I am sure that many Selwyn residents would have been shocked by the recent homicide in the district and the reported involvement of gang members in this incident. While most Selwyn residents are wonderful, law-abiding citizens, this event is a reminder that no community is immune from the influence of gang activity and criminal behaviour. For this reason, it is vital that our local police have the resources they need to deal with incidents and help prevent crime in our communities.
Unfortunately, road safety remains a major issue in our district that takes up a considerable amount of police attention. As I mentioned in a column in the Selwyn Times earlier this year, Selwyn has an unacceptably high rate of crashes, particularly at intersections. Anything that we can do to reduce both our local and our national crash rate, should be encouraged.
One way of approaching the problem is to look at the reasons for fatal crashes and see what we can do to minimise or eliminate the risks. Last year, 79 fatal crashes involved a driver with drugs in their system, compared with 70 involving an intoxicated driver. These figures come from testing that is done by authorities following a fatal crash and show that we need to get more proactive in preventing people from driving while under the influence of drugs.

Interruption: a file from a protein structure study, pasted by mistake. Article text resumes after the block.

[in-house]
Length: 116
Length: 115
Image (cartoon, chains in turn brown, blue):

Currently, under the Land Transport Act, drug driving is measured by an impairment test that involves an eye assessment and requesting a driver walk heel to toe in a straight line. The current method has some obvious limitations.
Advances in drug testing technology over recent years including saliva and sweat tests have made roadside testing for drugs much more practical. Based on this, my colleague Wairarapa MP Alastair Scott submitted a Members Bill which would have allowed police officers to perform roadside drug testing on any driver who they suspected was driving under the influence of drugs.
Disappointingly all three parties in the Coalition Government voted against this Members Bill, despite Police Minister Stuart Nash previously acknowledging the need to roll out new technology to combat the danger posed by drugged drivers.
The voting down of a Members Bill which would have kept our roads safer and saved lives is incomprehensible. If the Government saw some way to improve the Bill the least they could have done was to send it to select committee for consideration and feedback.